We have this new friend, Scott and Yin introduced us last summer. A woman from Hong Kong who we have been hanging with here. She invited us over for dinner last night.
She is a window, who is wealthy, Hong Kong wealthy. That is another category altogether. Her condo was sumptuous. There was a Picasso etching on one wall, and a Pissaro on the other wall, and a beautiful Chinese painters work on this other wall, who sells his work through Christies in New York, his last one went for 5 million. She likes to buy and sell art, understands the art market, and knows Christies, and the New York and Hong Kong galleries and knows this new market for Chinese painters that are selling for 5 to 20 million dollar. It was all surreal evening, we accepted her wild and wonderful art stories, saw some of her art collection, enjoyed her feast, her hospitality. It is traditional here to bring a gift, not actually knowing what we were getting into, we brought a bar of soap from Thymes and a bag of wild rice, now it seems kind of paltry.
She has a cook, who made a 10 course dinner for us, (ok, I exaggerate sometimes, not this time), this went on for three hours, enjoyable repartee, extremely tasty home cooked Chinese food, and ended with several unusual fruits from China that I had never tasted before, then a final dessert of a sweet pudding made from fungus. We don’t always get the exact translations, but she brought out the bag of white and black dried somethings to show us, we shook our head and said “oh, this kind of fungus.” Its some kind of mushroom when cooked get sweet and gooey, hmmm. The Woolly brothers would have fit right in.
We were full, up past our ears, and took a taxi from one end of new Shanghai downtown (all built in the last 5 years) to our district, through what I can only describe as what artists in 1920 thought what the future would look like. The architecture here is stunning, the best architects in the world design here and have great clients who want to out do each other with extravagances and style, and money is no problem, Shanghai is booooommming.
I saw Donkey on the menu the other day, nothing is too weird here, its all edible.
Its been a rainy week, and school has its ups and downs. I have been visualizing this new move to Thailand, and doing some research on exhibits. Its been a few years since I have designed exhibits, so I have to get up to speed. The weeks go fast, teaching takes all my energy. I am glad its the weekend. I will get some new photos ready, and check out CBE new look. As much as we love it here, and are fascinated with China, the big city gets to us sometimes, especially in the rain.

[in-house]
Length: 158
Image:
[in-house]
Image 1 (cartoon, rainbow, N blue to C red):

A small history lesson. That is what makes being here so cool, it all comes together, Marco Polo, Genghis Kahn, the Ming Dynasty, me, I will explain the connections. We just spent a three days in Hangzhou, about 2 hours from here on a 100mph high speed train. It’s a lot like Lake of the Isles, but this has mountains down to the lake, pagodas, water gardens, and misty islands.
Hangzhou’s history starts between 50,000 years to the Upper Paleolithic. By 1100AD, there were over a million people living here.
The Grand Canal was built (581-618 A.D., today still operating and the longest hand built canal on the planet) between Beijing and Hangzhou.
Hangzhou is famous for its silk production, unusual colored pearls and the gateway to the farm land of China.
The Mongols from the north led by Genghis Kahn and later his grand son Kublai Khan successfully “unified” China and he became Emperor of China. In 1279, The national capital of China was moved to Beijing.
Marco Polo arrived in Hangzhou shortly thereafter. Marco Polo saw Hangzhou and called it “..heaven on earth, there is not a city on earth to compare”.
A peasant rose up and raised an army and with his son finally defeated the Mogul’s, around 1297, and started the Ming Dynasty and built the Forbidden City in Beijing.
Sometime thereafter I, the great Mario and Elizabeth the Queen arrive and begin to teach English in Shanghai. This story will continue.
Some recent photography from Hangzhou. Bridge in Hangzhou
We took off for the country side for a 3-4 days, actually to a city that is considered one of the most beautiful cities in China, Marco Polo was here, and said it is one of the most beautiful cities he had ever seen. We did not try the internet there. The place reminds me of Minneapolis a little, lakes and gardens, but the lakes have these beautiful misty hills surrounding them, with large pagodas on the mountains, they ring bells at night, that carries thru the mist, large Buddhist temples and complexs, as big as a college campus, with dormitories for the monks, and 1000′s of visitors a day come to see the Buddhas, and pray, and be tourists. We hardly ever see a Western tourist. Water gardens with many small shrines, this place is an artist paradise. We took the train there, that got up to 170km/h, I have to look that up, but it seemed fast.
So Bill, we are back to our apartment, and our computer, and I took some awesome photos and did some magical drawings, that I have to refine and get ready to post on the new web.
Thanks again for setting this up. I am currious how the WM are doing?
Tell everyone, I miss them, and wish they were all here to take some of this in. I still get excited everyday being here, it hasn’t got old yet, and the beer is good.